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Review by Doug Gallant

In what had already been an extraordinary summer for the Charlottetown Festival, the producers of the Festival may well have saved the best for last.

The House of Martin Guerre, presented September 18 as a one-night-only staged concert, was absolutely brilliant, a powerful and emotionally stirring tale of love, loss, deception, betrayal and ultimately of sacrifice, played out over a jaw-droppingly magnificent score by Leslie Arden.

Without benefit of sets, costumes, or elaborate lighting, the audience was transported back to 16th century France to bear witness to an incredible story that all comes down to how much we are prepared to do to protect those we love.

Based on a true story, The House of Martin Guerre follows the journey of Bertrande, a peasant girl forced at age 11 to marry the abusive Martin Guerre, himself only 14. Guerre abandons Bertrande and their infant son after eight years. Some time later, a stranger claiming to be Martin Guerre returns, ravaged by war, regretful, transformed into a far better man than the one who left. Bertrande accepts her new, loving husband but her uncle Pierre and some others have doubts, doubts which are eventually confirmed by people who know who the new Martin Guerre really is. He is declared an imposter, jailed and sent to trial. Just when it appears he may be set free for lack of credible evidence the real Martin Guerre re-enters the picture and all is lost.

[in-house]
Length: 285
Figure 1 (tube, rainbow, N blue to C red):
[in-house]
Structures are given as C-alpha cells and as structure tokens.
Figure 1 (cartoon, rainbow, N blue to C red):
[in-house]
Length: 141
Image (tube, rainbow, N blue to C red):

It’s an incredible story, one that fully engages the audience, pulling at your heart strings one moment and making your blood boil the next, when Bertrande’s family, in particular her greedy uncle Pierre pressures her to disavow him.

The festival is deep with talent this season and they utilized as much of that talent Tuesday night as they could crowd onto the stage. Under the skilled direction of Mary Francis Moore who made this happen in a remarkably short block of time, audiences saw wonderful work from people like Rebecca Poff as Bernarde de Rols and Shawna Van Omme as Catherine, as well as Katie Kerr and A.J. Bridel as Bertrande’s sisters, Marie and Jeanette.

But the most compelling performances came from three people who did not appear in any other on stage roles this season. Josée Boudreau, who returned to the festival solely for this performance, was absolutely stunning as Bertrande. Having not seen her work since Evangeline, I had forgotten just how good her voice is. She sent chills up my spine, all of them good.

Festival artistic director Adam Brazier stepped out of the shadows to deliver no less impressive a performance as Arnaud du Tilh, the man who took her husband’s name and captured her heart. Brazier has a tremendous voice, one we haven’t really heard since Evangeline, save for a spot in last year’s Christmas production. The duets pairing Boudreau and Brazier were magical. No other word for it.

Craig Fair, who has proven to be a gifted musical director and arranger, left the orchestra pit for a turn as Pierre and proved he still very much has the goods to work either side of the curtain.

The House of Martin Guerre, which has not been produced for over 20 years, is a major accomplishment. It truly warrants another full-scale production. If you did not see this show Tuesday night you missed an exceptional evening.

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